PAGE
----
This has been on my mind as well. I find this urge to be related to a little more spaciousness in my life. The early years of parenting, plus work, plus relationship-tending left little unencumbered time but now, with older kids, I can feel the possibility of spending extra time in a particular way. (And agreed, not on my phone or watching Netflix.) Best to you in your searching.

  73. Em says...

    Reading totally counts as a hobby in my book ; )

  74. I run a dollhouse miniatures museum in Denver, and we’be had a bunch of young visitors from Brooklyn. It is fun to imagine your own perfect worlds, not have to make decorating compromises, and tell stories. http://Www.miniatures.org or wew.igma.org the second holds an amazing conference in Castine Maine.

    • Megan says...

      I live in Denver and have never been – I’ll have to check it out!! :)

  75. I like urban sketching (though, does it count as a hobby if you have kinda made a career out of it?)! Easy to take a small sketchbook and a pen (or even a small watercolor set!) out with you wherever you go. Waiting for a friend? Sketch. Stuck on the subway? Sketch! There’s chapters all across the world if you want to meet up with fellow sketchers. The NYC one meets in different locations around the city (for free!) twice a week, and is very casual: come and go as you please! nyc.urbansketchers.org

    (for me: @ramblingsketcher instagram)

    • wendy says...

      your art is fantastic!! What an inspiration!

    • Thanks so much!😀❤

    • Molly says...

      I love this. I’ve been starting to sketch lately (always wanted to but was never brave enough to start) and like to try to catch the small moments. It would be fun to meet other people who do the same.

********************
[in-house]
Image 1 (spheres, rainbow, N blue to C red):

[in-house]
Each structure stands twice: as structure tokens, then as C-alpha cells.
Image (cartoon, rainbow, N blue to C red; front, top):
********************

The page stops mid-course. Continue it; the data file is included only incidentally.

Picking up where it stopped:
76. Sasha says...

    Things I enjoy doing (reading books/magazines, watching TV shows, walking my dog, reading cooking blogs and trying new recipes, internet browsing- ha!) seem too mundane to be hobbies, while things my husband does (skiing, making beer, playing guitar) all seem like Hobbies with a capital H. I think part of the issue for me is I have an academic job where your work is meant to be your all encompassing passion, and you are meant to spend all your time doing it. I like my research, but need to think about other things. Maybe you can address this transition from “follow your passion” to a job in a post? After all, blogging used to be your hobby, until you turned it into a a full-time job, and you probably don’t want to spend the after-dinner hours writing another post.

  77. Kate says...

    Ooh this is relevant. I consider cooking and going to concerts as hobbies, but I’ve been feeling like I need something else in my life. My boyfriend just moved to Long Island for his year-long clinical psych internship, and I’m staying back in Milwaukee. We’ve been cheerleading ourselves on how to get through this, and he keeps saying “you can focus on your hobbies!” (I was thinking more that I can now wear as much bold lipstick as I want without him saying “That’s a bold lip!” :D)

    He plays hockey, he’s obsessed with video games, and he makes a list of 10 recipes to learn in the year, and it does make me feel a little jealous.

  78. Christine says...

    Too many hobbies, too little time! Stay at home mom of two. I play volleyball once a week for a few hours! I’m way better no than I was in high school. It’s my time away from home and the kids and bedtime routines.

    I also picked up sewing about two years ago, so I often get sucked into projects during naptime and before I go to sleep. Such a great creative outlet.

    I love baking as well, and one of my goals was to make something new each month.

  79. Brooke says...

    Pls post this magic trick how-to!

  80. I felt the same a couple years ago! I used to teach yoga but, I stopped and yoga became a hobby again. I also run (I really want to run a marathon). And I love browsing book stores– I don’t know if this passes as a hobby but it relaxes me!